Newest Weapon in the Fight Against Cancer
The ultrasensitive biosensor is the latest in the fight against cancer. The sensor catches cancer earlier than imaging and other monitor devices.
Article written by guest writer Rin Mitchell
What’s the Latest Development?
An ultrasensitive biosensor that can detect cancer before the disease can be discovered with imaging or other methods. The Flexure-FET biosensor, which was developed by University of Purdue researchers, will make earlier detection possible by picking up on DNA and protein fragments crippled by cancer. The force behind the sensor is the vibrating cantilever and the electrical transistor. The application of vibration and voltage create a sensitive environment that allows the sensor to pick up on both charged and uncharged biomolecules.
What’s the Big Idea?
Cancer can be detected before it has had a chance to truly come to form. With the ability to identify the onset of cancer based on the size and mass of biomolecules, doctors will be able to personalize medicine to suit each individual based on their biochemistry alone.
Pfizer's partnerships strengthen their ability to deliver vaccines in developing countries.
- Community healthcare workers face many challenges in their work, including often traveling far distances to see their clients
- Pfizer is helping to drive the UN's sustainable development goals through partnerships.
- Pfizer partnered with AMP and the World Health Organization to develop a training program for healthcare workers.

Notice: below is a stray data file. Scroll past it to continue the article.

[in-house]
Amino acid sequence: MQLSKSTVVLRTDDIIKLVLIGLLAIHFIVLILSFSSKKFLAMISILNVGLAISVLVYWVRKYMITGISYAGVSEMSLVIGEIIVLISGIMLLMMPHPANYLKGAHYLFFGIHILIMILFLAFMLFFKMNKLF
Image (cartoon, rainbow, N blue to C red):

A study on flies may hold the key to future addiction treatments.
- A new study suggests that drinking alcohol can affect how memories are stored away as good or bad.
- This may have drastic implications for how addiction is caused and how people recall intoxication.
- The findings may one day lead to a new form of treatment for those suffering from addiction.
There is no doubt that the historical Jesus, the man who was executed by the Roman State in the first century CE, was a brown-skinned, Middle Eastern Jew.
I grew up in a Christian home, where a photo of Jesus hung on my bedroom wall. I still have it. It is schmaltzy and rather tacky in that 1970s kind of way, but as a little girl I loved it. In this picture, Jesus looks kind and gentle, he gazes down at me lovingly. He is also light-haired, blue-eyed, and very white.
A new study shows choosing to be active is a lot of work for our brains. Here are some ways to make it easier.
There's no shortage of science suggesting that exercise is good for your mental as well as your physical health — and yet for many of us, incorporating exercise into our daily routines remains a struggle. A new study, published in the journal Neuropsychologia, asks why. Shouldn't it be easier to take on a habit that is so good for us?
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